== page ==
Old Babylon, after the conquests of Cyrus, continued gradually to decay. In the same pro­portion as the Israelites were loosened from their captivity and re-instated the goodly land, the pride of nations became a desolation. So we may expect that as the church of Rome the mystical Babylon declines, the church of Christ the true Israel will rise. The ebbing of the tide produces a flood on opposite shores.

The eastern as well as the western Antichrist is evidently declining; the great river Euphrates is drying up, and a way being made for the kings of the east; the sovereigns probably of Persia and Tartary. Enfeebled by Russia on the north, and above all by its internal corruptions, the Turkish empire is tumbling into ruin. The signs of the times inspire a vigorous hope, that the follies of the Koran will soon be forgotten, and the mosque and the brothel be known no more.

Our expectations are strengthened, secondly, by observing what we suppose to be the harbingers of the day, when mountains and hills shall break forth into song.

Perhaps the predicted events that attended the destruction of Jerusalem, are emblems of the general destruction of vice: it is certain much of our Saviour's language in the xxivth of Matthew, carries our views beyond the then, coming catastrophe. Jerusalem shall be trodden down of the Gentiles, until the times of the Gentiles be fulfilled. If similar events to those which preceded the ruin of the Jewish polity shall precede the overthrow of the anti-christian governments of the earth, their end is assuredly not distant. The trees now shoot forth, and we see and know, that summer is now nigh at hand.

[Page 34]Wars and commotions introduced the final victory of Titus over Jerusalem*; but at what time has war prevailed more destructively than at the present? Nation is rising against nation, and kingdom against kingdom. There is NOW upon the earth the distress of nations, with perplexity; the sea and the waves roaring. Men's hearts are failing them for fear, and for looking after those things which are coming on the earth. The ocean is burdened with fleets and the shores all noisy with warlike preparations. The object of modern wars is not the acquisition of lost territory, the reparation of injuries, or the punishment of insult; it is the entire destruction of the opposing power. When these things begin to come to pass, then, saith our Lord, look up and lift up your heads for your redemption draweth nigh.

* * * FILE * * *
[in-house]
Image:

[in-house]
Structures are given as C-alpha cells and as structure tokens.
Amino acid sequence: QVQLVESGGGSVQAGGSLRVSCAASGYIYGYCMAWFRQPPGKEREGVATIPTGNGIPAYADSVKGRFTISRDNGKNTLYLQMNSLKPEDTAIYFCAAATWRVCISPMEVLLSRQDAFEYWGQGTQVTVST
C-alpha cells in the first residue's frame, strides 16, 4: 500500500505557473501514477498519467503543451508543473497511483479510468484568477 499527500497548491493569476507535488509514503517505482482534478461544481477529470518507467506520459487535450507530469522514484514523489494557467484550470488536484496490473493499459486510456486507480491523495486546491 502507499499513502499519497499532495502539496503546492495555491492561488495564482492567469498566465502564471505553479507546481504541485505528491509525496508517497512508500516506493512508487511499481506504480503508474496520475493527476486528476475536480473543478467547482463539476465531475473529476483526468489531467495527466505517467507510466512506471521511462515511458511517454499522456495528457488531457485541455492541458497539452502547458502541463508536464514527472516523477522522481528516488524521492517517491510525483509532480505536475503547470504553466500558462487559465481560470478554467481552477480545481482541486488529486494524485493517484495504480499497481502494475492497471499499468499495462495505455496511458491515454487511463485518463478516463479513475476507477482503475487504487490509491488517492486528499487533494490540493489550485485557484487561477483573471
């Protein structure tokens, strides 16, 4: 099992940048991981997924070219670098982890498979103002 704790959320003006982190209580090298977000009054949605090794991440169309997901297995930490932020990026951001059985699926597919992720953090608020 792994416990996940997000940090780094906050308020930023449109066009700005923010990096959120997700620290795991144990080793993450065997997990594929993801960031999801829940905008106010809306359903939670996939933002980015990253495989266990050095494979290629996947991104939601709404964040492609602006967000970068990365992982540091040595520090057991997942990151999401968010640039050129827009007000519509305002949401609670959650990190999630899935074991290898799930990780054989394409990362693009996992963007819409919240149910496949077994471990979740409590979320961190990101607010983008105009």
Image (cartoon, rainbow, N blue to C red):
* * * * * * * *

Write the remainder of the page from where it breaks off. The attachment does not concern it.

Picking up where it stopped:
Did pestilences precede Jerusalem's visitation? How much are they now prevailing! We need not cross the Atlantic for proofs. The wasting that destroys at noon-day, has in this city slain its hundreds. There is scarcely a principal town in the United States, in which men have not fallen victims to pestilential fever.

Were many deceived in Judea by false prophets? Men of this description are to be found both in America and Europe, and their numbers are increasing.